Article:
Everyone talks about nailing their elevator pitch. In fact almost all job-search advice cites the elevator pitch as being a key piece in the job-search process. For those who need reminding, the elevator pitch is a 3 minute ‘ad’ for yourself, named for the amount of time you may have when riding in an elevator with someone you want to impress.
The approach that most people take to developing their pitch is pretty basic.
1) Think of the message you want to communicate
2) Think about the major points you want to raise
3) Run the dialog through your head
4) Repeat ’3′ until you are comfortable that you will be able to say it out loud without messing-up
This is the easy way to develop your pitch. Unfortunately, this approach results in some very ‘crappy’ pitches. Why? Because it is easy and comfortable to ‘think’ you have the pitch down when what you have are some connected points BUT there is a big difference between ‘thinking’ you have the pitch down, and practicing the pitch, out-loud many times until you can repeat it without pause and pretty-much without thinking.
The basic problem is that there is a huge difference between something we ‘think’ we can say, and actually saying it correctly and eloquently under pressure. I find that this habit gets worse the more senior you are. While this may sound counter-intuitive, senior people are more susceptible to this issue. The problem is that senior people are generally more confident in their ability to ‘ad-lib’ than junior folks, and it is this belief that gets them into trouble.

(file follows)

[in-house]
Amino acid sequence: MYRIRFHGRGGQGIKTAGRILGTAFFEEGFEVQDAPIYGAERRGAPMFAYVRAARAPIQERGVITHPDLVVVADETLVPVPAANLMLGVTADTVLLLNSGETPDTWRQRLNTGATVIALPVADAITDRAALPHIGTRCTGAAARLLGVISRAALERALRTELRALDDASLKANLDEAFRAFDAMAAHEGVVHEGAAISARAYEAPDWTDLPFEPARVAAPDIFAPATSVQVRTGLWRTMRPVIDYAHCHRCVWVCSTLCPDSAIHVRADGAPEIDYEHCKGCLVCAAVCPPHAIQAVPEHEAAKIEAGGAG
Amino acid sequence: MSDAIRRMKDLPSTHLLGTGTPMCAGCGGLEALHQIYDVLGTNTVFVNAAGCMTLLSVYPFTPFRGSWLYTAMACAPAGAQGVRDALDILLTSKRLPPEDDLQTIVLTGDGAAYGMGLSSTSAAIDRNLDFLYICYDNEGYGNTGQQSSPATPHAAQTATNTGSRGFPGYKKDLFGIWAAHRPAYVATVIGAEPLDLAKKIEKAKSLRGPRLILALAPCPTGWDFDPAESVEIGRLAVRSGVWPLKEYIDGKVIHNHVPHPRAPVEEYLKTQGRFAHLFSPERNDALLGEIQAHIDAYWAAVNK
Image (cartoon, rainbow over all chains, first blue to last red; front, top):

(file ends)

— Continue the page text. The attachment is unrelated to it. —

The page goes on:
Think you have your pitch down?
1) can you say your pitch three times in a row and bring up the exact same points and messaging?
2) when you are in a networking group and you are asked for your pitch are you hesitant?
3) can you say your pitch without vocal pauses (‘umm’s and ‘ahhh’s)
4) can you say your pitch with good intonation and pacing (I listen to a lot of elevator pitches that sound like “IaminterestedinajobinmarketingmybackgroundisinbusinestoconsumermarketingandIwasresponsible….”
Basically, you should have your pitch down to such an extent that you don’t even have to think about it, you simply go through what you have memorized, word-for-word, you can speed it up or you can slow it down. Either way, you have every word, every pause, every compelling intonation – everything memorized.
The simple key to this is to practice saying the pitch out loud until you have it down cold. How do you practice it out-loud? You write it down, word by word, line by line. You have all the time to think about points, language, and pacing. Once you have written it, practice out loud until you can say it in your sleep. If your brain works anything like mine, getting from the brain to the mouth can be risky, and this is a risk that can and should be avoided.
You only have one shot at a great elevator pitch and what you say is as important as how you say it. Not unlike acting, you can know all the lines, but that isn’t the same as being onstage in front of an audience.
Barry at VirtualJobCoach